Nova Scotia 11:43pm (3:43am GMT) Monday, July 9, 2063

Avid amateur astronomer Lindsey Adamson’s computer records her saying, “That’s odd.” She had just seen an image of bright speck in Lyra through her Celestron Vega 6 telescope, which she has feeding into her computer. She assumed it was an anomaly  and called up the images from the feed four nights ago. Using her astronomy software, she superimposed the two images, and discovers the bright dot from this evening is in the same location as a much smaller dot on the Thursday night feed. From another file recorded two weeks ago, she finds nothing, even at extreme zoom and using all of the built in filters. What ever it is, it’s been there for at least four days, but wasn’t there two weeks ago.

“Open Astronet,” she instructs her computer, which instantly connects her to the global amateur astronomy network. She sends the new image to the network, and her voice trembles ever so slightly, “Has anyone else seen this?”

In response, untold hundreds of telescopes swing around to the coordinates embedded in Lindsey’s image. Within five minutes, astronet is buzzing with audio and text conversations, as well as new images linked in from across the globe, and even from the moon. The Anomalous Signals first discovered a decade ago had spurred an enormous interest from people who hoped to discover the aliens. So far, the Signals remained a mystery, but Astronet had become part of popular culture.

Anton Shugaev is an astronomer stationed at the Shelton Telescope Platform in the Schwarzschild crater on the far side of the moon. As part of the Galactic Observation Center still under construction, Shelton had just recently come online. The visible spectrum telescope at Shelton was one of the most powerful beyond Earth, and Shugaev’s job at the moment was to complete its calibration, a slow and boring necessity. Upon seeing the activity on Astronet, Shugaev instructed his computer to swing the telescope around to the coordinates of Adamson’s object.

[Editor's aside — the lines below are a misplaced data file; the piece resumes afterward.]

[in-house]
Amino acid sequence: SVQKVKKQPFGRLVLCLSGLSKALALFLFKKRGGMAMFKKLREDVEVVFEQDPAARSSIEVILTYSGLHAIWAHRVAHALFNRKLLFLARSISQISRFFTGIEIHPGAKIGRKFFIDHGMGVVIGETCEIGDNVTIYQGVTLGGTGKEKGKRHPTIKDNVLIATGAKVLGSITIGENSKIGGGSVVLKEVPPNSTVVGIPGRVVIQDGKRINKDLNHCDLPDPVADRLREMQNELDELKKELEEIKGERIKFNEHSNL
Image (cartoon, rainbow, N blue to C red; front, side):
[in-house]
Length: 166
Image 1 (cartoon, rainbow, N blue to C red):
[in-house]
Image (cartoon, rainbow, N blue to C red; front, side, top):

“Wow,” he said to himself as the image resolved. His view was approximately a hundred times better than the images he was seeing on astronet. It was clearly an object of some sort, and it didn’t take long for Shugaev to realize that it wasn’t oblong; it had a tail.

“Astronet,” he said to open his connection to the feed. “Shugaev at Shelton. Uploading our view now.  Call it… um,” he scrolled up the feed to find the Lindsey’s first post. “Yeah, call it Comet Adamson, X/2063 O1. At least for now.”

Astronet exploded with activity after that, as news spread of the discovery. Quite a few people sent direct congratulations to Lindsey Adamson, who sat in her upstairs bedroom of her parent’s house in Kingston, Nova Scotia. She had just turned twelve. In ten days, the world as she knew it would be gone forever.